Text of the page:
Companies

‘Rate cuts will be a booster dose, but new Real Estate Bill can be a challenge’

Anupriya Nair Sunanda Jayaseelan | Updated on January 20, 2018 Published on March 25, 2016

IRFAN RAZACK, Prestige Estate CMD

Prestige Estate CMD sees demand coming from lower and middle-income segments





The real estate sector is pinning its hope on a revival as the clamour for a rate cut is slowly and steadily growing louder. Industry watchers are also keenly waiting for the fine-print of the Real Estate Bill that was passed by Parliament and how regulatory changes happen in the States. The real estate sector is also burdened with a pile of inventory.








Speaking to Bloomberg TV India, Prestige Estate Chairman and Managing Director Irfan Razack says rate cuts can cheer and instil confidence in buyers to commit themselves to buy a home. The maximum demand for housing is coming from the bottom of the pyramid as also from the mid-income segments of the society, he said.





We are at a very crucial juncture where we could possibly see interest rates across the board coming down quite significantly from banks as well as the RBI. What are the hopes for the industry?

I think if the interest rates come down, it is going to give that much more cheer and confidence to buyers to commit themselves to buy a home. So it is a positive thing as far as the home buyers are concerned. I believe that will also enthuse and push sales further. Of course there are a lot of macroeconomic considerations that we have to look at. We have the new Real Estate Bill that has been passed by Parliament and we have to start getting compliant on that. States have to go with the legislation, and whatever changes they would like to bring in the current framework that has to be done. So I believe there is going to be challenging times and we will have to look at different ways in business.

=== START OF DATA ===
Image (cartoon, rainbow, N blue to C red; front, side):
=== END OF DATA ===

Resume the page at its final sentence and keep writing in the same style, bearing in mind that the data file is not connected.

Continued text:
Talking about the Real Estate Bill as well as the rate cut, hopefully for the industry it is going to be enough to cheer. The kind of inventory that the industry is sitting on, gives us a sense of how real estate firms are going to address the problem?

Actually, if you look at the market we operate in, we really do not have any ready inventory. The inventory that is being talked about and I think across the board and throughout the country, is the inventory that is under production. Any launch that happens today will take about 0-5 years to complete. When we have a launch today and add that as an inventory, is not the right way to go about. Of course, the stock is available at that time. But then the inventory is ready to be occupied with the keys available. We did a study in Bangalore through Jones Lang LaSalle (JLL), which showed only about 2.5 per cent of the entire launches that were available as a ready inventory to occupy where keys are available for a person ready to move in. And 2.5 per cent of the overall stock is really not too much in terms of the overall inventory. I think we are very safe from this and the good part about the Indian market is that there is a demand. There is a need for housing and occupancy levels are also pretty high. Also, now we have to address the segment where the need is. The bottom of the pyramid is where there is maximum need. If you get into the mid-income range, the need comes in there also. The top of the pyramid is where the luxury and the niche market are and I believe the number of launches over there in that segment is not too large. So, if you are able to balance out the requirement and demands from the lead segments of the market and if you are able to read it right I do not think there can be any stress in the system.



Analysts believe that over the next 2 years, new projects coming into the market will start dipping. Do you agree with this?

That is a function of how soon the approvals come in and how soon the new products come in the market as an offering. For us, Bangalore has been pretty good. We have been able to get the approvals. But similarly we have not been able to launch 2-3 large projects in Chennai. Once the Real Estate Regulatory Bill becomes law, the market will get slow by 6-9 months because you need to understand the overall situation.



Published on March 25, 2016
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